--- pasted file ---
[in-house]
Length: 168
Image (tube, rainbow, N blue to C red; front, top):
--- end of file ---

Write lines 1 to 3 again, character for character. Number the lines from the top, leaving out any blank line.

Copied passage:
[in-house]
Length: 168
Image (tube, rainbow, N blue to C red; front, top):